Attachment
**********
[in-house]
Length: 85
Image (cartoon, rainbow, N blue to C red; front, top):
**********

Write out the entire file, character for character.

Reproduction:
[in-house]
Length: 85
Image (cartoon, rainbow, N blue to C red; front, top):